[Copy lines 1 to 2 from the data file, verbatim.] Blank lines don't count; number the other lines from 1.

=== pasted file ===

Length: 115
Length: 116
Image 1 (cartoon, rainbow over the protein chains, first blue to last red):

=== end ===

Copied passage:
Length: 115
Length: 116